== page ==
I wish I had an elegant way to tie all of this to the Motherhood of God. I like to think of God as a mother in her kitchen, wearing a big apron with pockets full of blessings, but not taking any guff and always ready with a correcting look or even a quick spank to get our attention when we’re really pushing it. Our angry older brother, Richard Dawkins, writes a whole book about how Mother doesn’t really exist and is a delusion and Mother looks over his shoulder and says, that’s very nice dear now eat your breakfast. And when one of us cries she is right on the other side of the door and her ears perk up and she says, that’s mine, I might as well hold her, no point in anyone else putting up with that, I’m the mother, it’s my job. And when life is a complete mess and there seems no order to anything, in the midst of all that, love is there. That’s easy for me to type on a laptop in the middle of a nice park….I’m not lying naked and cold in some Iraqi orphanage. I try, though, to see that awful suffering as a lesson for US rather than for God. A sermon once told me that Jesus’ statement “the poor you always have with you” is an accusation, rather than a resignation.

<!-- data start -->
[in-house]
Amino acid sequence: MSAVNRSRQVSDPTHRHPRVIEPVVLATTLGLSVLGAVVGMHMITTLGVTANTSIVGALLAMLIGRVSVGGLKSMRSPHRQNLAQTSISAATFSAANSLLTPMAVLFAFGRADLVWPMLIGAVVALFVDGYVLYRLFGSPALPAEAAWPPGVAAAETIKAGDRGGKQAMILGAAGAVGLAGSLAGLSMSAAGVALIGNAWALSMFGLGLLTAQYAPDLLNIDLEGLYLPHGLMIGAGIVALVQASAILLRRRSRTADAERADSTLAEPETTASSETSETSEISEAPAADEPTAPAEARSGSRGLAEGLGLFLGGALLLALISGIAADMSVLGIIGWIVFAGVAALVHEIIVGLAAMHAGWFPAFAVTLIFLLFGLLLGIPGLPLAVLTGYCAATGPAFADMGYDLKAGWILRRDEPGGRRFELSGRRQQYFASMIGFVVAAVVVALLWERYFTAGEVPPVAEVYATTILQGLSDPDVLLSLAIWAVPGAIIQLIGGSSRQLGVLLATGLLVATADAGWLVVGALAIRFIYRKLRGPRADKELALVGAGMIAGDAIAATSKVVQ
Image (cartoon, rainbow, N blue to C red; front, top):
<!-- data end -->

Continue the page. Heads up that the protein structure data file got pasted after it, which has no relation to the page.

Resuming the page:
As far as personal faith is concerned, I think it's like art and pornography. You know it when you see it. And when you're fussy and the world's not right, and all of a sudden it's the divine Mom that's holding you, you know it.


  1. My conception of God has changed considerably since I was a boy. As a boy, I thought of God in the conventional fashion: an old man with a fluffy white beard up in the clouds watching over everyone and everything.

    As a teenager, I rebelled against Christianity and became a Unitarian. Yet, I always remained a theist. God clung, as Robert Fulghum says, like a burr to my mental socks. I never seriously entertained any notion of atheism as so many of my friends did. Atheism seemed to be a self-defeating principle, full of people with major issues regarding trust.